families and to support students in reaching their goals. 

Every student at UCS will be taught to read and write in English and Spanish, as well as have the 
opportunity to participate in projects and research with UCLA students and faculty.  Led by the 
UCLA Graduate School of Education & Information Studies (GSE&IS), which specializes in 
educational equity and preparing teachers for urban schools, UCLA experts helped to develop 
UCS's instructional programs and train teachers.  The school is governed by a board that 
includes representatives from UCLA, LAUSD Local District 4, community groups, the United 
Teachers Los Angeles union, parents and other stakeholders.  The instructional program draws 
on extensive research by UCLA and other scholars about how students learn best - when they 
feel part of a supportive, family-like group.  Students are grouped into three multi-grade "dens," 
each overseen by a lead teacher responsible for learning activities in his or her den. 

"UCLA Community School is one of many examples of the University's commitment to serve 
greater Los Angeles through partnerships that harness our scholarship and engage the 
community," UCLA Chancellor Gene Block said.  "We're well-positioned to help ensure a high-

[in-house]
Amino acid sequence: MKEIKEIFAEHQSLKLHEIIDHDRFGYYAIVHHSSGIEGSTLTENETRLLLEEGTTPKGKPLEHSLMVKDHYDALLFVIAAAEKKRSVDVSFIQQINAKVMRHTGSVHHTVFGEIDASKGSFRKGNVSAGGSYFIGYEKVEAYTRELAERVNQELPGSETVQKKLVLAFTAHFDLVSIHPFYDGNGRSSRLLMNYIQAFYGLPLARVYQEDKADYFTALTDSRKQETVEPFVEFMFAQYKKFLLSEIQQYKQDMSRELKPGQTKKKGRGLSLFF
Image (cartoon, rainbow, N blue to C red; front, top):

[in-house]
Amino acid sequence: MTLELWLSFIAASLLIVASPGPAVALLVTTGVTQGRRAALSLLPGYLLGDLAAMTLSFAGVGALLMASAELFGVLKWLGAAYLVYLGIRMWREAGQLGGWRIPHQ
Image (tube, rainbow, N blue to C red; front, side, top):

quality education for students in this neighborhood and prepare them for college.  We are 
pleased to be working closely with LAUSD and community groups on this critical endeavor, and 
our partnership is serving as a model for other universities and school districts." 

"We believe strongly that it indeed takes a community to educate a child, and the UCLA 
Community School is an innovative response to that maxim," UCS Principal Georgia Lazo said.  
"UCLA Community School is paving new paths for genuine collaboration and co-construction of 
curriculum and professional development.  We are committed to graduating students who have a 
high degree of academic achievement, take pride in their home cultures and languages and 
develop as engaged citizens."

NOW is focused on the development of the whole child, aiming to equip every pupil with the 
essential skills for lifelong learning.  The main goal of NOW is to develop globally-minded, 
technologically-proficient students who achieve academic excellence, recognize their common 
humanity and shared guardianship of the planet, and are lifelong learners.  A key component of 
this vision is to ensure that students move beyond an understanding of social justice and equality 
to a point of empowerment, where they become active participants in changing the world.  To